A successful fusion of traditional Japanese and modern Californian design influences
Story: Karen Booth
Photos: Brigid Arnott & Marian Riabic
The Central Coast of New South Wales is growing in leaps and bounds as Sydneysiders seeking a sea change continue to flock to its pristine beaches and idyllic rural enclaves. With this influx of “newcomers” has come a demand for cutting-edge design, both for homes and gardens, and this property, just a stone’s throw away from a popular beach, is a prime example. From the California-style garden around the pool to the Japanese influenced entry courtyard, this project is an impressive example of modern landscape design and construction.
Each landscaped space is carefully constructed to complement the sharp lines and rakish roof angles of the architect-designed house. This includes the centrally located pool courtyard which boasts a striking feature, comprised of two sandstone walls connected by a panel of frosted glass, and an outdoor shower. Cocooned within rendered walls, the shower can be accessed via the adjacent main bedroom or via a meandering crazy-paved path.
Working to a design by Michael Cooke of Michael Cooke Garden Design, Adam Eurell of Nature’s Vision Landscapes has delivered a finely detailed, precision built landscape that perfectly captures the intent of the designer.
The challenging part of the project was the infinite detail involved and the fact that so many aspects of the design were connected. The front entry paving, for example, incorporated small bush hammered granite setts that had to be aligned with the floating Siltstone stepping stones laid across the water feature. In addition, in the central courtyard, the concrete pool coping was rebated and continued underneath the large sandstone feature walls to ensure a continual plane just above the surface of the water.
Of modern California style, the planting is sparse and understated with hardy junipers providing a deep green backdrop that works well with the warm tones of the paving and timber decking.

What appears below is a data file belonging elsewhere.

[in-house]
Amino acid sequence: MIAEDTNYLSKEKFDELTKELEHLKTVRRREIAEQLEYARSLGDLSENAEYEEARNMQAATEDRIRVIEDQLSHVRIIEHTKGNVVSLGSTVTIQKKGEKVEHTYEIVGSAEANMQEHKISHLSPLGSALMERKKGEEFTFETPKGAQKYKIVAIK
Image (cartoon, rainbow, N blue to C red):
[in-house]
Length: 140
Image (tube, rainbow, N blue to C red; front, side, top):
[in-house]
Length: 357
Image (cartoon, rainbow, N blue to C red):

In the outdoor shower area, the planting is a simple mix of cotyledon (a distinctive succulent with thick fleshy leaves) and ornamental grasses. Chosen for their drought tolerance and textural contrast, the plants line either side of a winding path which makes approaching the shower area feel a little like you are entering a secret garden.
To connect front with back, junipers also make an appearance in the entry courtyard where the planting is more fulsome yet still has that pared back look and reliance on foliage we associate with the Japanese approach to garden design. In the front garden you will spy blue chalksticks (Senecio mandraliscae) and cardboard plants (Zamia furfuracea) hugging the water feature. Plants are mulched with gravel, again reinforcing the Japanese feel.
Adding interest to the entryway there is a trio of topiarised English box (Buxus sempervirens) in simple white pots which transform into illuminated features at night. To soften the strong lines of the paving and the architectural style of the house, there is a stand of Japanese sacred bamboo (Nandina domestica).
The planting around the driveway, which was constructed using large concrete pieces of random geometrical shapes, combines native species including correas, banksias, gymea lily (Doryanthes excelsa) and knobby club rush (Isolepis nodosa) with hardy exotics (such as Indian hawthorn (Raphiolepis indica), Mesembryanthemum spp. (a prostrate succulent herb), and Liriope muscari.
In deference to the ongoing drought, an automated drip system was installed to both lawns and gardens and connects to an underground rainwater tank.
The house itself is as impressive as the landscape. Designed by Max Thitchener, the main objectives were to use the orientation of the site to best advantage, provide privacy from neighbours, embrace passive solar design techniques, and to create a focal point. Max achieved the latter with the creation of the central pool area which is surrounded by the kitchen, dining and living room, media room, and main bedroom, thereby forging a true indoor-outdoor connection.
* Nature’s Vision Landscapes received two awards for this garden in the 2007 Landscape Contractors’ Association of NSW Awards of Excellence. They won the Residential $51,000-$150,000 and Residential Regional Open categories.